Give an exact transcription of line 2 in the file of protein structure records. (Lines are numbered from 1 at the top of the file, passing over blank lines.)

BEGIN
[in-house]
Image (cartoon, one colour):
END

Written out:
Image (cartoon, one colour):